YOU HAVE TO ADMIRE Graham Egarr and Steve Andrews, two amateur film makers who had so much faith in an ambitious project that they put up their own money to get it on to the screen. Even more remarkable when this project was a drama which took place in the 14th century, had a large cast and was set in locations in both this country and Northern Italy. Graham and Steve took on the roles of director and producer respectively to make their film Uncertain Proof, the story of Manuel de Fieschi and his quest to find the truth behind the murder of King Edward II at Berkeley Castle in 1327.

To convince an audience and keep its attention a film of this kind depends totally on a good script, the actors performances and how it ‘looks’ on the screen. On all counts it comes up trumps.

The script is an adaptation by its original author A.G.Ford and the film’s director Graham Egarr of a play first written several years ago. On a poignant note Tony Ford, who also took a leading role in the film, sadly died just a few weeks before the premiere and never saw his work on the screen.

On the whole the cast gave excellent underplayed performances, especially Genovel Andrei Alexa as Manuel de Fieschi and Andy Rusbridge as the hermit. They delivered some of the best acting I’ve seen in an amateur film for many years.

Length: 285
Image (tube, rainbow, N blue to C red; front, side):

An enormous amount of work on post production effects and image colourisation has given the film a convincing landscape of castles, drawbridges, mountain scenery and a muted medieval look.

It is faultlessly edited by Jane Andrews whose experience as a stage director shows in the cutting and pacing of scenes which move the story along at just the right tempo and Director of Photography David James has done a fine job in bringing the period to the big screen with smooth and very professional camera work.
A lot of care has also gone into mixing the soundtrack, making subtle use of effects being placed precisely within the dialogue and also blending in the very atmospheric score composed for the film by Dom Newton.

The dramatic climax in the last confrontational scene when the entire reason for Fieschi’s quest to seek out the truth concerning the murder of Edward II is explained relies totally on the superbly subtle and timed performances of Genovel and Andy. This to me though is where the origins of the script as a play can be seen in its adaptation for the screen. Despite excellent, unobtrusive editing, subtle camerawork and use of flashbacks it outweighs the structure of what has gone before in that it turns into a duologue lasting twenty minutes.

I know it is very difficult for a writer to explain to an audience why a character has been behaving in a certain way and also show reasons for Fieschi’s obsessive quest for the truth in a short space of time, but to me twenty minutes is a long period to hold and sustain an audience’s attention. I may be proved wrong, I certainly hope so.

Despite this quibble I can only praise everyone involved with Uncertain Proof, especially Graham and Steve, for the enormous amount of hard work and expertise put into it.

Congratulations to all of you!

Bob Bennett,
September  2011